The Plaza Hotel's Oak Bar Wins Luxist's Editors' Choice Award (with Video)
One evening at the Oak Bar in New York's Plaza Hotel, a patron noticed a diamond ring on the floor and alerted the manager. Remembering that a customer seated in the area had just departed, the manager called the room number on the bill. Within minutes the guest was downstairs to collect her ring-and promptly ordered a bottle of Dom Perignon for the manager as a token of thanks. "You don't understand," she said. "That ring is worth over $1 million."
Such is the aura of the Oak Bar, Luxist's Editors' Choice award winner for best in entertainment. Nestled in the northwest corner of the Plaza Hotel, the bar has been serving well-heeled guests-with a few extended breaks for prohibition and various renovations-for over a century.
Walk into the ancient room today and you'll find rich wood paneling surrounding sumptuous banquettes, vast murals of Central Park mirroring the actual park that sits on the other side of enormous picture windows, and on any given night a clientele whose collective wealth is likely enough to buy a medium-sized country.
In that regard, not much has changed at the Oak Bar since 1907, when it played host to branch offices of six of New York's largest brokerage firms. Sometime between then and prohibition, the space merged with the neighboring Oak Room restaurant and began serving drinks before being turned into offices for firm E.F. Hutton & Co. around 1920.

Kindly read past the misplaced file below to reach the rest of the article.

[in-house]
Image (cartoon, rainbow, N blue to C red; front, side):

It wasn't until two years after Conrad Hilton purchased the Plaza Hotel in 1943 that the room became a bar once again. The Oak Bar soon gained a reputation as something of a gentlemen's clubhouse, thick with cigar smoke and deep, whiskey-fueled laughter. The bar did not allow women inside until 1969, and it remained a smoking bar until New York mayor Michael Bloomberg instituted tough anti-smoking laws in 2005. Cigars continued to smolder until a New York Times reporter noted the practice in print.
"We got slapped by the authorities," recalls Jose Arbona, a bartender who's been working at the Oak Room for 19 years. "The smoking laws changed everything."
Even greater changes came in 2005, when Israeli billionaire Yitzhak Tshuva forked over $875 million to buy the hotel with the goal of converting much of it to co-op apartments and retail space. The Oak Bar was immediately designated a landmark by local authorities to prevent it from being turned into a department store. Closed for three and a half years, the bar re-opened in autumn of 2008 with a refreshed look.
"The walls came up about three shades lighter," says Arbona. "I guess removing 70 years of nicotine will do that."
Today, the bar boasts a new generation of famous guests. Frequent patrons include Jerry Springer, Kelsey Grammer, and Lady Gaga, who recently dropped by to sing four jazz standards to a crowd of amazed onlookers. Indeed, the $19 cocktails are more a ticket to the show-at least, that's the way to think of it if you'd rather not face the fact that you've purchased one average martini for the price of three.
After all, a trip to the Oak Bar is a journey through the history of New York's social stratosphere, a bar where guests can mingle with the ghosts of Astors, Vanderbilts and Rockefellers of the past, and maybe a few of the present.
"No matter how much anybody tries to renovate it," says Arbona, "it will always be the Oak Bar."